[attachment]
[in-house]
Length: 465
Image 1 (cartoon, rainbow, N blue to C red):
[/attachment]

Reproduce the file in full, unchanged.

[in-house]
Length: 465
Image 1 (cartoon, rainbow, N blue to C red):